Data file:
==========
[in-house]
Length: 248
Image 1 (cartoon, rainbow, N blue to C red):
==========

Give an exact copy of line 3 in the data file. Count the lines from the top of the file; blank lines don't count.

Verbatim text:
Image 1 (cartoon, rainbow, N blue to C red):